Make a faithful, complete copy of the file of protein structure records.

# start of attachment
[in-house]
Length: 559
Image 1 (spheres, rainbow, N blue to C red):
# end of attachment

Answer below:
[in-house]
Length: 559
Image 1 (spheres, rainbow, N blue to C red):